Wisconsin Supreme Court Guts Fourth Amendment In Unprecedented Decision



As we have seen time and time again, rights can never be granted, only withered away. Such is the case again. Earlier this year, the state Supreme Court of Wisconsin passed a ruling, which will now mold future Fourth Amendment decisions. They found that police can lawfully enter your home and seize evidence without a warrant under an expansion of what is known as the “community caretaker” clause.


The decision was over the case of Charles Matalonis. Matalonis was in a fight with his brother, whom police found battered at a nearby house. When the police responded, they were met by Matalonis who allowed them into the house where they observed cannabis and blood. The police encountered a locked door and demanded that it be opened. Matalonis, knowing his rights, demanded they get a warrant. The cops refused and broke down the door. Behind the door they found a cannabis grow room and arrested Matalonis for cultivation. Matalonis fought the arrest through to the Supreme Court of Wisconsin.




Traditionally, a case like this would never have made it to the Supreme Court. If the cops on scene wanted access to the room because they suspected Matalonis was growing pot, the correct procedure is to hold Matalonis until a warrant arrived, which in this case, shouldn’t have been hard. The cops chose to violate procedure and Matalonis’ rights to make an arrest. One might ask how the case – which had a clearly established protocol requiring a warrant – could end up destroying the Fourth Amendment. The decision came down to a newly appointed judge, who hadn’t even been in court on the day the case was argued. His uneducated decision on past U.S. Supreme Court rulings led to the 5-4 vote.
This very same Supreme court has previously ruled on cases like this, upholding the police need to obtain a search warrant. The prosecutor, however, presented the search as lawful under the community caretaker clause, which basically says that police have a right to search for other injured parties within the house. Under the community caretaker clause, any evidence in plain view becomes lawfully admissible in court. Typically, when police respond to a call of violence in a residence, they have the right to conduct a protective sweep. This is fundamentally, a check for other injured parties in the house.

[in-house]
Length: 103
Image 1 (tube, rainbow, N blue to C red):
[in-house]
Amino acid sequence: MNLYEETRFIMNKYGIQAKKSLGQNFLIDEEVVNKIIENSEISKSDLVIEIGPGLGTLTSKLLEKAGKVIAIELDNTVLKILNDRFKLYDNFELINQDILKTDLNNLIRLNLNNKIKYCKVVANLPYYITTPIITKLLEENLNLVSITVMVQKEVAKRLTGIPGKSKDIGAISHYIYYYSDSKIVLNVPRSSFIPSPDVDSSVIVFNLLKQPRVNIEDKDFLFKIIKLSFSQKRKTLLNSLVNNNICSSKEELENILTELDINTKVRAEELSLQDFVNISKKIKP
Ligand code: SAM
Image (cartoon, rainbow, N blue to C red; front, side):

The problem with applying the community caretaker ideology, in this case, is that there was no suggestion of anyone else in the house, and the police intent was to search for drugs. The intent of the officer should have decided this case, yet it didn’t.
Of the challenging justices, one argued “by the time officers entered the locked room, some 20 minutes or more after they had been in the house, there was little reason to suspect someone else was in the bedroom, but plenty of reason to suspect it might house marijuana.” Unfortunately, the rational judgment of one justice does not make a verdict. The judges who voted in favor of upholding the lower court’s ruling chose to ignore the greater constitutional problems of the officers’ actions.
Justice Rebecca Bradley could cast a vote, despite it being the first time in the history of our judicial system that a supreme court justice could participate; although not having been involved in oral arguments. As per former Wisconsin Supreme Court Justice Shirley Abrahamson, “no precedent appears to exist in the USSC or in this court for a new justice who did not participate in oral arguments to participate in the case without re-argument.”
Basically, a crucial Fourth Amendment decision was made by a single person who was not elected, and had no previous participation in the case. Hopefully this case will make its way to the U.S. Supreme Court, where it will undoubtedly be challenged.


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